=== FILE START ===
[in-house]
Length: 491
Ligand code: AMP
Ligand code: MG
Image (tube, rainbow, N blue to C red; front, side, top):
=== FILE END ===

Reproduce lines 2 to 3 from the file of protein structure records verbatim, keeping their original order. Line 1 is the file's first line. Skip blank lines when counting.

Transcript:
Length: 491
Ligand code: AMP